Later, I shared my concerns about how to move forward with my tent mate.
Pointing out that if things were dry, I was 100% committed to summiting Mount Kilimanjaro. I re-evaluated my all-or-nothing thinking. Depression had blocked out the other 3 climbing partners. It only let me see my own wet situation. It didn’t care that we were all wet and would all need to have the plan to dry out the next day.
Thanks to my tent mate, I began to see that there were other options besides throwing in the towel.
The next morning dawned crisp and clear, with not a cloud above us in the sky. And being over 12,000 feet above sea level, the sun’s rays carried a lot of drying abilities. Even before we left camp that morning, my down jacket was much, much dryer. I put on a new pair of dry socks and stuck my feet into my very wet boots. By the end of the day, the boots were dry.
And my entire focus had changed, from only seeing the impossible to challenging that thinking and allowing myself to see options.
Two days later, I would reach the summit at 19,341 feet. I am forever in debt to my tent mate and climbing partners for setting the example of can-do thinking. They focused on what could be done to dry everything out, instead of how wet things were, which blocked any other ideas. And their ideas worked. By the end of that next day, almost everything that had gotten wet was either dry or considerably dryer.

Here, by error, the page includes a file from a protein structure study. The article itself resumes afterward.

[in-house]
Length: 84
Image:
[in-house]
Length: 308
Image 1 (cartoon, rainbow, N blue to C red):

I am mad at myself that I wasn’t clearer in my thinking, and that I let depression call the shots.
Letting depression get into my head nearly cost me the summit. It created serious doubt in my mind and shaped my negative thinking. However, having three positive examples to look to gives me strength. I was able to challenge the all-or-nothing thinking my depression had shared with me in the wetness the day before.
I will never be able to say thank you enough to my tent mate and climbers who showed me success was possible.
There are few words to describe how grateful I am to have had people around me who were thinking clearly. Yet had I said that it was over after the rain-soaked day, I was still on a mountain, at 12,000 feet, and was 2 days hike from civilization. Stopping, in the end, was clearly not an option, but my depression was not eager to share that with me.
In the end, we summited Mount Kilimanjaro, in Africa, at 11:18 AM Friday, and received a certificate from the Tanzanian government documenting our achievement.
All-or-nothing thinking, an unhelpful thinking style of my depression, was challenged and the results presented a once-in-a-lifetime view from the summit, complete with glaciers. So, thank you, thank you, thank you.